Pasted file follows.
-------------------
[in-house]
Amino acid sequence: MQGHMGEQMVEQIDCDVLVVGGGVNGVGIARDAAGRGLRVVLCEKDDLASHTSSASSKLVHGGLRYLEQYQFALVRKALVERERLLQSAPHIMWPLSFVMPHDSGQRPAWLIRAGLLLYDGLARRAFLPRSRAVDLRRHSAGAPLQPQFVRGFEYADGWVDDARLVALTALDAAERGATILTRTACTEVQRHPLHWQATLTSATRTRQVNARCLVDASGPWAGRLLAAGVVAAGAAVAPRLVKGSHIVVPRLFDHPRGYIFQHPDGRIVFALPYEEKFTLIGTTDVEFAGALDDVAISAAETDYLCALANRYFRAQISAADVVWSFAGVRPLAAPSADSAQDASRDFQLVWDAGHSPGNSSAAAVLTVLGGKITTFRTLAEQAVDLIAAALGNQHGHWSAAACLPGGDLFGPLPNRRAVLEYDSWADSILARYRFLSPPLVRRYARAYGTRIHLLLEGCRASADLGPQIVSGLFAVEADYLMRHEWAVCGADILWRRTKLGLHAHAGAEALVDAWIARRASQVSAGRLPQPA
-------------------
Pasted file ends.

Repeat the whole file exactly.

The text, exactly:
[in-house]
Amino acid sequence: MQGHMGEQMVEQIDCDVLVVGGGVNGVGIARDAAGRGLRVVLCEKDDLASHTSSASSKLVHGGLRYLEQYQFALVRKALVERERLLQSAPHIMWPLSFVMPHDSGQRPAWLIRAGLLLYDGLARRAFLPRSRAVDLRRHSAGAPLQPQFVRGFEYADGWVDDARLVALTALDAAERGATILTRTACTEVQRHPLHWQATLTSATRTRQVNARCLVDASGPWAGRLLAAGVVAAGAAVAPRLVKGSHIVVPRLFDHPRGYIFQHPDGRIVFALPYEEKFTLIGTTDVEFAGALDDVAISAAETDYLCALANRYFRAQISAADVVWSFAGVRPLAAPSADSAQDASRDFQLVWDAGHSPGNSSAAAVLTVLGGKITTFRTLAEQAVDLIAAALGNQHGHWSAAACLPGGDLFGPLPNRRAVLEYDSWADSILARYRFLSPPLVRRYARAYGTRIHLLLEGCRASADLGPQIVSGLFAVEADYLMRHEWAVCGADILWRRTKLGLHAHAGAEALVDAWIARRASQVSAGRLPQPA